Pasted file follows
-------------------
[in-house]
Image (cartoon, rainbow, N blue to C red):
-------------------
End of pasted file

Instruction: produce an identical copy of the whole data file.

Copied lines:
[in-house]
Image (cartoon, rainbow, N blue to C red):